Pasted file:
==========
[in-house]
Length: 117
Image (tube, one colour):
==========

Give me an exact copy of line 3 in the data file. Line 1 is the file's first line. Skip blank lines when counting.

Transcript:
Image (tube, one colour):